Fuel attendant at a petrol

The government has cut the price per litre of petrol by Sh7.21 despite higher landing costs. 

It has also slashed prices per litre of diesel by Sh5.09 and that of kerosene by Sh4.49.

In the monthly review for a period starting at midnight issued by the Energy and Petroleum Regulatory Authority (EPRA), landed cost for super petrol increased by 5.6 per cent to $703 compared to last month.

That of diesel dropped by 0.76 per cent to $722.49 while that of kerosene increased by 1.65 per cent to $730.50.

As a result, a litre of petrol will now retail at Sh199.15 in Nairobi, diesel at Sh190.38 and kerosene at Sh188.74.

In Mombasa, a litre of super petrol will retail for Sh195.97 starting midnight while that of diesel and kerosene will go for Sh187.21 and Sh185.58 respectively. 

President William Ruto had earlier in the day promised Kenyans more relief at the pump during his ongoing tour of the South Rift region.

Kenya is cutting pump prices as the time global rates are surging after oil-producing countries agreed to extend the daily supply cut by Sh2.2 million barrels til June.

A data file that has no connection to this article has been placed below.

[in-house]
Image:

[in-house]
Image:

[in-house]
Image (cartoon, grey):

While Saudi Arabia has agreed to stretch out its voluntary crude production cut of 1 million barrels per day until the end of the second quarter, Russia has committed to trimming its production and export supplies by a combined 471,000 barrels per day until the end of June.

OPEC key producers Iraq and UAE will also prolong their voluntary production cuts of 220,000 barrels per day and 163,000 barrels per day. 

This also comes against a backdrop of a rise in global prices which have edged up from $75 to $85 per barrel interval since the start of the year due to persistent Houthi maritime attacks in the crucial Red Sea route, spill-over risks of ongoing Israel’s war against Palestinian militant group Hamas in the Gaza Strip.

Although the official statement did not give reasons for the sizable drop, an insider at EPRA linked it to the fair pricing in the current government-to-government oil plan by Gulf firms.

He also attributed the change to the shilling which has strengthened by almost 30 units against the US dollar since early last month. 

"Kenya is reaping the double fruits of favourable pricing in the G to G oil plan and appreciating shilling. This is expected to stir economic activities to lower the overall cost of living,'' a source at EPRA not authorised to speak to media told the Star in confidence.  

On Wednesday, the shilling continued to gain against the greenback, closing the market at Sh137.